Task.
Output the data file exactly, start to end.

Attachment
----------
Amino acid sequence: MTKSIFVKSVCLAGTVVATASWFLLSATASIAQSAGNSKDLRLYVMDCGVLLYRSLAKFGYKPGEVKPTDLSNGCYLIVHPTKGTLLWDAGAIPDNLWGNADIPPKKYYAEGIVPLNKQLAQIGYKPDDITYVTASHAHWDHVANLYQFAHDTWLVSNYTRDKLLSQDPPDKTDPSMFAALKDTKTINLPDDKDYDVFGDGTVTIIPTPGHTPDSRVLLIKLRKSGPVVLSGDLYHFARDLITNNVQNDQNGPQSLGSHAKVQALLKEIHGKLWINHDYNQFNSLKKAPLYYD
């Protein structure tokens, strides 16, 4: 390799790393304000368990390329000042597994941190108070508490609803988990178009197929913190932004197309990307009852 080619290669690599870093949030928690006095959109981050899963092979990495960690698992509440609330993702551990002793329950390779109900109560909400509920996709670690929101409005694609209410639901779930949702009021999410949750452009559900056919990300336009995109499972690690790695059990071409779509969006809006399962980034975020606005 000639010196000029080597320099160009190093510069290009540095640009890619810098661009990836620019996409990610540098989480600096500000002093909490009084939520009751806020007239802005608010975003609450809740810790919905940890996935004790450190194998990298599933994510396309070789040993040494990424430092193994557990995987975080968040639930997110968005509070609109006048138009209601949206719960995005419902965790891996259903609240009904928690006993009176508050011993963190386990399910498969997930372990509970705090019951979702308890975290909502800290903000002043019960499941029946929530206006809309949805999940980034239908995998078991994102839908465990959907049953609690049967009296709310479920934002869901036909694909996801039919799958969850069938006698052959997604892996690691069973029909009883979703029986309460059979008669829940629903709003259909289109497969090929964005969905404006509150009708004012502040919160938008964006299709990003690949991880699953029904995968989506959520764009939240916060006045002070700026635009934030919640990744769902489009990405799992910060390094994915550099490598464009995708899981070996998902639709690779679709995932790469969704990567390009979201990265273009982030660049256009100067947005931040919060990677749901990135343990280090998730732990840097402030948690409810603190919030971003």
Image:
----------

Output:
Amino acid sequence: MTKSIFVKSVCLAGTVVATASWFLLSATASIAQSAGNSKDLRLYVMDCGVLLYRSLAKFGYKPGEVKPTDLSNGCYLIVHPTKGTLLWDAGAIPDNLWGNADIPPKKYYAEGIVPLNKQLAQIGYKPDDITYVTASHAHWDHVANLYQFAHDTWLVSNYTRDKLLSQDPPDKTDPSMFAALKDTKTINLPDDKDYDVFGDGTVTIIPTPGHTPDSRVLLIKLRKSGPVVLSGDLYHFARDLITNNVQNDQNGPQSLGSHAKVQALLKEIHGKLWINHDYNQFNSLKKAPLYYD
């Protein structure tokens, strides 16, 4: 390799790393304000368990390329000042597994941190108070508490609803988990178009197929913190932004197309990307009852 080619290669690599870093949030928690006095959109981050899963092979990495960690698992509440609330993702551990002793329950390779109900109560909400509920996709670690929101409005694609209410639901779930949702009021999410949750452009559900056919990300336009995109499972690690790695059990071409779509969006809006399962980034975020606005 000639010196000029080597320099160009190093510069290009540095640009890619810098661009990836620019996409990610540098989480600096500000002093909490009084939520009751806020007239802005608010975003609450809740810790919905940890996935004790450190194998990298599933994510396309070789040993040494990424430092193994557990995987975080968040639930997110968005509070609109006048138009209601949206719960995005419902965790891996259903609240009904928690006993009176508050011993963190386990399910498969997930372990509970705090019951979702308890975290909502800290903000002043019960499941029946929530206006809309949805999940980034239908995998078991994102839908465990959907049953609690049967009296709310479920934002869901036909694909996801039919799958969850069938006698052959997604892996690691069973029909009883979703029986309460059979008669829940629903709003259909289109497969090929964005969905404006509150009708004012502040919160938008964006299709990003690949991880699953029904995968989506959520764009939240916060006045002070700026635009934030919640990744769902489009990405799992910060390094994915550099490598464009995708899981070996998902639709690779679709995932790469969704990567390009979201990265273009982030660049256009100067947005931040919060990677749901990135343990280090998730732990840097402030948690409810603190919030971003």
Image: